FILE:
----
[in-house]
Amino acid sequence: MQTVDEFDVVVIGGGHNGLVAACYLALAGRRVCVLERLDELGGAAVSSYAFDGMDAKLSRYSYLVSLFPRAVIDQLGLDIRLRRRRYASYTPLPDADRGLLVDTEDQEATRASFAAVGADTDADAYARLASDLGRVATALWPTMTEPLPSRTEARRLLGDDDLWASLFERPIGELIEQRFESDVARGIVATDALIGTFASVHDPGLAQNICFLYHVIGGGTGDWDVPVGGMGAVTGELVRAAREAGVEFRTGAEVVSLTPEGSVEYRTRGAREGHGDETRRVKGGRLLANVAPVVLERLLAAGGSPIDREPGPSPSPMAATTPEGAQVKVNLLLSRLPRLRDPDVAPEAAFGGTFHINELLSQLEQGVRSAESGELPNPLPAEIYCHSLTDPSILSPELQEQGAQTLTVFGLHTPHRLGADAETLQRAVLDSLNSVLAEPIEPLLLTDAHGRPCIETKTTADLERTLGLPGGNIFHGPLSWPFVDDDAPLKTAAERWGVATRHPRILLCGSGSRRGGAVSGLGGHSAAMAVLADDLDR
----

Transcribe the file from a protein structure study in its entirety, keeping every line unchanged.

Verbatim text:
[in-house]
Amino acid sequence: MQTVDEFDVVVIGGGHNGLVAACYLALAGRRVCVLERLDELGGAAVSSYAFDGMDAKLSRYSYLVSLFPRAVIDQLGLDIRLRRRRYASYTPLPDADRGLLVDTEDQEATRASFAAVGADTDADAYARLASDLGRVATALWPTMTEPLPSRTEARRLLGDDDLWASLFERPIGELIEQRFESDVARGIVATDALIGTFASVHDPGLAQNICFLYHVIGGGTGDWDVPVGGMGAVTGELVRAAREAGVEFRTGAEVVSLTPEGSVEYRTRGAREGHGDETRRVKGGRLLANVAPVVLERLLAAGGSPIDREPGPSPSPMAATTPEGAQVKVNLLLSRLPRLRDPDVAPEAAFGGTFHINELLSQLEQGVRSAESGELPNPLPAEIYCHSLTDPSILSPELQEQGAQTLTVFGLHTPHRLGADAETLQRAVLDSLNSVLAEPIEPLLLTDAHGRPCIETKTTADLERTLGLPGGNIFHGPLSWPFVDDDAPLKTAAERWGVATRHPRILLCGSGSRRGGAVSGLGGHSAAMAVLADDLDR